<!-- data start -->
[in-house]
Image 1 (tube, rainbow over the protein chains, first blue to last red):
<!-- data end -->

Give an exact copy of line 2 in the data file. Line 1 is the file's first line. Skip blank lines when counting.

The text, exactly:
Image 1 (tube, rainbow over the protein chains, first blue to last red):